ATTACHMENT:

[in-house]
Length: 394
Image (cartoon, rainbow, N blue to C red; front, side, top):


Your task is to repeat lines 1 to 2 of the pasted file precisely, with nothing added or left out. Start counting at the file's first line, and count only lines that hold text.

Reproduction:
[in-house]
Length: 394